One of my next tasks here was working on this Shimpaku Juniper (Juniperus chinensis). In a nursery filled with pines (black, white, and five needle) this Large shimpaku is a unique piece of art. The movement, elegance and dead wood are very different than the powerful, stocky pines that fill the benches here at Daijuen.
(Shimpaku) (White Pine, a monster)
This tree has been here at Daijuen for two years and from what I can gather was collected some time ago. Shimpaku are native to Japan and make great bonsai. Unlike pines who’s rough, thick bark are a primary characteristic of a quality tree, juniper bark is typically kept clean an smooth. They also typically have a great deal more dead wood than pines. The contrast of the whitish/grey dead wood and the rich color of the bark make for a very striking contrast. Combine that with its bright green scaly foliage and you have the makings of a great bonsai.
First, the tree is in need of being cleaning up, and there are some dead branches that will be jined as well.
The dead branches are shortened considerably; any remaining bark is removed down to the hard wood and they are cleaned off. Considering the amount of dead wood that already exists and more importantly the area in which these branches are located the jins are kept short and quite simple. After this, all the remaining dead wood is brushed, cleaned and later lime sulfur will be applied to preserve the wood.
After the jins are completed I can start work on the live bark. I remove the exfoliating bark by using a knife to gently get under the flaking pieces, secure with my finger and then pull the bark off in strips. The surface bark comes off quite easily and goes fast at first. There are also smaller thinner pieces that lie underneath. The same technique is used here being careful not the damage the underlying bark. The cambium is right beneath this dark reddish/brown bark, so be careful not the damage it. Once this is done I took a toothbrush and water and brushed all the bark off to clean it. Once it’s been cleaned you can really see the “live vein” pop against the dead wood.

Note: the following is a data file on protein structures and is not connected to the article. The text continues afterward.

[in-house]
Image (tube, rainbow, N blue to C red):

Looking at the tree it is obvious to see that two foliage masses are a bit disjointed and the main foliage mass is too far from the center of the tree. The tree needed to be more compact. I was able to achieve this using a large clamp and a guide wire. I used the clamp to slowly and carefully pull down on the branch while I tighten the guide wire which is attached to a nearby jin. Doing this brought that portion of the tree back into the composition, making the tree more compact and producing some much needed unity between the two foliage masses.
The remaining part of the work was wiring all the branches and setting them into place. The objective here was to set the framework of the tree, not to create a finished product. I wanted to put the primary branches into place and fan out the secondary branches to let as much light into the tree as possible. A number of the branches were weak and in some areas branching was sparse. Most of the inner new shoots were left so that in the future a number of the weak branches can be cut back to those smaller shoots. This will produce healthier, more compact branching and tighten the foliage mass. This is most evident at the apex, where the branches are weak and far too long. Next year this tree will get cut back to the new growth which will be the first step in the refinement process.
See how with the picture on the left it almost feels like the tree is going to fall over onto it’s “elbow”. With the new design and that main branch pulled down it’s much more centered and the tree seems much more stable and balanced. It’s a much more compact desing and the two foliage masses flow together. With so many refined trees here at Daijuen it is a real treat to get to work on a tree like this. It’s nice to have more of an influence on where the future of the tree goes, and get to make some changes that have an real impact. I really enjoyed this one.
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